Saturday, February 28, 2015
Crunch time for pet theory on dark matter
Thought to make up the Universe’s missing matter, WIMPs are running out of places to hide.
After decades of searching and multiple no-shows, it is crunch time for a leading theory of what comprises dark matter, the mysterious stuff thought to make up around 85% of the Universe’s matter.
The Large Hadron Collider (LHC) at CERN, Europe’s particle-physics lab near Geneva, Switzerland, is scheduled to restart in March after a major upgrade. It is widely seen as the last chance in a generation to create — and thus confirm — theoretical particles known as WIMPs, or weakly interacting massive particles. A super-sensitive ‘direct-detection’ experiment, which is designed to catch naturally occurring WIMPs streaming from the heavens, is also due to start this year.
At the same time, the failure so far to glimpse WIMPs at either the LHC or through direct-detection experiments, combined with surprise signals from others, is fuelling suggestions that dark matter is made of something else. A range of alternatives that were previously considered underdog candidates now look “less exotic”, says Kevork Abazajian, a theorist who studies particle cosmology at the University of California, Irvine.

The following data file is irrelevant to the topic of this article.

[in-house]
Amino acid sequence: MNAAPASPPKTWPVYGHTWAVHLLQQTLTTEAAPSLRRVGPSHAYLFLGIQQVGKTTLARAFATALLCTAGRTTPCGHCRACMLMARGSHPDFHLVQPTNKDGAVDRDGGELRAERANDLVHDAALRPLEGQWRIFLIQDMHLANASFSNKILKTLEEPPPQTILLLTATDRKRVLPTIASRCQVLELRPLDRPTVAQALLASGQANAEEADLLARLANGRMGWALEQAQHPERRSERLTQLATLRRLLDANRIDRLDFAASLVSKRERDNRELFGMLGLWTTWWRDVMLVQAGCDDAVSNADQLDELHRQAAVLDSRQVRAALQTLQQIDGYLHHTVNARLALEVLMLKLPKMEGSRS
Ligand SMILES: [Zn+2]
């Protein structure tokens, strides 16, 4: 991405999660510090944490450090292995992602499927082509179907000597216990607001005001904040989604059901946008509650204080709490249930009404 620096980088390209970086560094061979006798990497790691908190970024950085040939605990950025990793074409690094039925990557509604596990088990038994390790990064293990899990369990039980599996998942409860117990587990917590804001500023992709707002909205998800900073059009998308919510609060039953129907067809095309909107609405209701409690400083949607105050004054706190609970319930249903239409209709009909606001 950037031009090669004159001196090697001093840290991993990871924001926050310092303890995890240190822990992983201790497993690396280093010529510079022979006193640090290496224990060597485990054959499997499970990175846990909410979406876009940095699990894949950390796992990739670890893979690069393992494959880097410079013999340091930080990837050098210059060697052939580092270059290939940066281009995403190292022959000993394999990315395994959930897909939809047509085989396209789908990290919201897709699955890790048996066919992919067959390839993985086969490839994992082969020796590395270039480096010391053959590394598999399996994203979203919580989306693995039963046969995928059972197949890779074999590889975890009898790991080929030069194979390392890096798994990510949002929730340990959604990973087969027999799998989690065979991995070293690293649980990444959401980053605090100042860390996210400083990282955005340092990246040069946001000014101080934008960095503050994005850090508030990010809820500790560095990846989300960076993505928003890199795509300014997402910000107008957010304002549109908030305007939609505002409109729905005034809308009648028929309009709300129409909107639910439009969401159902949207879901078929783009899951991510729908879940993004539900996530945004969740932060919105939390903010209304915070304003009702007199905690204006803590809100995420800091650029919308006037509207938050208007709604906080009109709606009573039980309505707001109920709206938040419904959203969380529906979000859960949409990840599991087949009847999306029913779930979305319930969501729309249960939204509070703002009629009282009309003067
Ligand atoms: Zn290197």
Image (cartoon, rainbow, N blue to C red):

Whatever dark matter is, most astronomers believe that it is real. The amount of ordinary, ‘visible’ matter does not produce enough gravity to explain the speed at which stars move inside galaxies, or at which galaxies move inside galaxy clusters. Dark matter would solve this mystery because it does not absorb or scatter light, making its presence known only by its gravitational pull on normal matter. Different theories posit different suggestions as to what kind of particle would have these properties.
WIMPs are theoreticians’ darlings. They are relatively heavy — somewhere between 1 gigaelectronvolt, or roughly the mass of one proton, and 1 teraelectronvolt — and thus would be relatively slow, or ‘cold’. These properties fit well with the current best models for the evolution of the Universe, in which haloes of cold dark matter are the prime movers in the formation of galaxies and galaxy clusters. WIMPs also fix problems in two separate branches of physics: particle physics and cosmology. The mass of the WIMP and the strength of its interactions with other particles would help to explain why the Higgs boson has the mass it does. But these figures also mean that WIMPs would have been synthesized at just the right rate in the early Universe for the creation of the abundances that theory requires today — a coincidence that is dubbed the ‘WIMP miracle’.
Yet despite being on physicists’ most-wanted list, WIMPs remain on the run. When the LHC shut down for maintenance in 2013, its WIMP searches had come up empty. And the most sensitive of the direct-detection searches, carried out by the Large Underground Xenon (LUX) experiment at the Sanford Underground Research Facility in Lead, South Dakota, found no WIMPs during its first major run in 2013
(see Nature http://doi.org/zh8; 2013)